The plaintiff, Eva Echeverria, was diagnosed with ovarian cancer in 2007 after using Johnson’s Baby Powder since the 1950s. She only stopped using it after hearing about other women who developed cancer.
Echeverria recently had a softball-sized tumor removed from her ovaries, but she was too sick to attend the trial. She is currently hospitalized for cancer treatment and hopes the verdict will lead Johnson & Johnson to add warning labels to its talcum powder products.
Lawyers say scientists knew in the 1960s that talcum powder could cause ovarian cancer when women used it in the genital area.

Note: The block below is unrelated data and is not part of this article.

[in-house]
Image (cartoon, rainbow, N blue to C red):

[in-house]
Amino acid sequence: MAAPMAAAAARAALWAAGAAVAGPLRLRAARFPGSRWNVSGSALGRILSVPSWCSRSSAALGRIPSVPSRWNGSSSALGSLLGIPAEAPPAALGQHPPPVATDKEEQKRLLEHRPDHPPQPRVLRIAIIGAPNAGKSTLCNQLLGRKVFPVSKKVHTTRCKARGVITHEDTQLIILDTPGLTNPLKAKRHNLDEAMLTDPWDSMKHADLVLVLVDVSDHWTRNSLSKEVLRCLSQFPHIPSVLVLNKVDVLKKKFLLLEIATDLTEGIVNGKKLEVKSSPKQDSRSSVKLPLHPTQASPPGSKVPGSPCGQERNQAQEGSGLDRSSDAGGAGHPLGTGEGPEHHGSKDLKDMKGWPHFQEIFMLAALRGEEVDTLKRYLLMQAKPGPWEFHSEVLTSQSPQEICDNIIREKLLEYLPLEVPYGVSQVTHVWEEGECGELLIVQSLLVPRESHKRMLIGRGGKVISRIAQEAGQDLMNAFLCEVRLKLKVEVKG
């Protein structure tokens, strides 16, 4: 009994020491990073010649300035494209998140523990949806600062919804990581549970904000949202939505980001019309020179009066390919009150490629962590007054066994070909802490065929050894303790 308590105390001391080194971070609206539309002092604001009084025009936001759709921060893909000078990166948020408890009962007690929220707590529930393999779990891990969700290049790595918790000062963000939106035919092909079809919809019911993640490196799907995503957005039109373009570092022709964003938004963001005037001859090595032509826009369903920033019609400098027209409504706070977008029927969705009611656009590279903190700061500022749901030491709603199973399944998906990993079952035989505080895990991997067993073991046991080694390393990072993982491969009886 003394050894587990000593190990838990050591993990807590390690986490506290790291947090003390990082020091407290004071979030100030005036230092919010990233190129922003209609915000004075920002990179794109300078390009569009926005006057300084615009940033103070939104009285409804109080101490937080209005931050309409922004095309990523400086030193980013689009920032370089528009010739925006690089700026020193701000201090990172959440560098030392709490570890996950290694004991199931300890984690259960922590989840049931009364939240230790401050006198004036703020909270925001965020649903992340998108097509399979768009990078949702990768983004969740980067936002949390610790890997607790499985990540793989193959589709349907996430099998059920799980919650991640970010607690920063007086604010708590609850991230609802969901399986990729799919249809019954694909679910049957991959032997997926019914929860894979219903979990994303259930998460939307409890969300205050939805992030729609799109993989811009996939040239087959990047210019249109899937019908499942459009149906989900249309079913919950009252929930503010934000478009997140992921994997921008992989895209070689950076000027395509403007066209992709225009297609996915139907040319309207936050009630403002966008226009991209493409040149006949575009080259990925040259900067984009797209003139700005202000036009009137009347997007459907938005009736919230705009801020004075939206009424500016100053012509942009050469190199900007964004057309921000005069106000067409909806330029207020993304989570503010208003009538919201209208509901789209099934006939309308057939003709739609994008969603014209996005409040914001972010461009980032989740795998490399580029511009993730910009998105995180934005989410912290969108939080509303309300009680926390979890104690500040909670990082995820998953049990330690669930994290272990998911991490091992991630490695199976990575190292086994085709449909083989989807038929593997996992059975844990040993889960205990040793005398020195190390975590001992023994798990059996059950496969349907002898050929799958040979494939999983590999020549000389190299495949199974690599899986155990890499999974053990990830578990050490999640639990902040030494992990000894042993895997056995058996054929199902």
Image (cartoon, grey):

Furthermore, Echeverria’s lawsuit states that studies in 1982 linked the genital use of talcum powder with a 90% increased risk of ovarian cancer.
After two days of deliberation, the jury awarded Echeverria $70 million in compensatory damages and $347 million in punitive damages. Johnson & Johnson was found liable for failing to warn women about the risk of ovarian cancer from using talcum powder for hygiene.
The company faces more than 5,000 lawsuits over its talc products, and has lost 4 other trials in St. Louis totaling more than $300 million. The $417 million verdict in favor of Echeverria is the largest award in the litigation and it was the first baby powder trial in California.